Creditor examines coach's finances in bankruptcy proceeding

A college football coach's personal bankruptcy proceeding has been delayed after a creditor and the trustee overseeing the matter requested additional financial information. After initially believing that he could quickly discharges his debts by filing for Chapter 7 bankruptcy, the football coach now realizes that the personal bankruptcy proceeding will be a more lengthy proceeding. The hurdles that the coach faces are common and teach residents of De Soto County in Mississippi who are considering bankruptcy or are already involved in a bankruptcy matter that debt relief is not always simple.

The development in the football coach's bankruptcy case is an update to September blog, which initially examined the reasons that the coach filed for Chapter 7 bankruptcy. As noted earlier, the coach had invested in some real estate in Kentucky but decided to file for bankruptcy when the real estate market weakened and the deals went bad.

Now, the coach faces questioning from one of his creditors and the bankruptcy trustee. Apparently, the trustee has not received all of the financial documentation that it requested from the coach. Additionally, one of his creditors seeks to place the coach under oath to more fully examine his finances. Some questions have surfaced about whether the coach attempted to shield some of his current income from creditors.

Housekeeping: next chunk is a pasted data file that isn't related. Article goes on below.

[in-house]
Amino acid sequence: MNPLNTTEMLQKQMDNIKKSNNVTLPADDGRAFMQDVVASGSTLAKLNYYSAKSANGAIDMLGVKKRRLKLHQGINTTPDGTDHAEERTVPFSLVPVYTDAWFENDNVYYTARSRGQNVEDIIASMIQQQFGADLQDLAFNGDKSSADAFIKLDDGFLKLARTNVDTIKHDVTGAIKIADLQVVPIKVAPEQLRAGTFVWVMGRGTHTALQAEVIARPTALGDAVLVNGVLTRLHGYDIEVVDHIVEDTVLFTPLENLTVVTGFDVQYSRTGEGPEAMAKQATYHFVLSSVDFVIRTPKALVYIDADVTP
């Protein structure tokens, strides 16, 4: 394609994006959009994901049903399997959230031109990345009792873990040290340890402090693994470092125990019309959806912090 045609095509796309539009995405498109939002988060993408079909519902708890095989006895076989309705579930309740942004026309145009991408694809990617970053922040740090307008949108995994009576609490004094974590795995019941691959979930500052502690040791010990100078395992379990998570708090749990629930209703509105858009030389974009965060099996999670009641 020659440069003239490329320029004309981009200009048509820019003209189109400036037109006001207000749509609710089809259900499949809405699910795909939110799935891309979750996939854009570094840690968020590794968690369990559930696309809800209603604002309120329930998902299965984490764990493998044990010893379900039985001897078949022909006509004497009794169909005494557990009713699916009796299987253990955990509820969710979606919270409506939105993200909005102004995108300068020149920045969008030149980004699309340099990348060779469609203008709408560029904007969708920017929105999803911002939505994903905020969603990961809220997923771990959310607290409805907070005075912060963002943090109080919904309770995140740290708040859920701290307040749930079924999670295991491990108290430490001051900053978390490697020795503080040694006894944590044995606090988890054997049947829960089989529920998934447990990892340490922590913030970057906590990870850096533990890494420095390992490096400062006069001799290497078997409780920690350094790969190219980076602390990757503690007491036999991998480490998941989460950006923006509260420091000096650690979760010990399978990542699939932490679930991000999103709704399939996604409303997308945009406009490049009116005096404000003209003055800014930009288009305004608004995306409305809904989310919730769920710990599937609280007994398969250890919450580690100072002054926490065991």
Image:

There are trustees in nearly every bankruptcy matter involving an individual consumer. In a Chapter 7 bankruptcy, the trustee is in charge of the bankruptcy estate. Once an individual files for bankruptcy, the debtor essentially gets separated from his assets. The Chapter 7 trustee is in charge of collecting all of the assets, selling them off and distributing the proceeds to the creditors.

Chapter 7 bankruptcy can be a very helpful option for people struggling with large amounts of debt. A bankruptcy attorney can help Mississippians interested in filing for bankruptcy understand the implications of a bankruptcy filing in relation to a consumer's assets before filing. Doing so can help avoid a drawn out bankruptcy battle like the football coach is currently facing.

Source: Detroit Free Press, "Arkansas coach's bankruptcy case turns contentious," Brent Schrotenboer, Nov. 14, 2012

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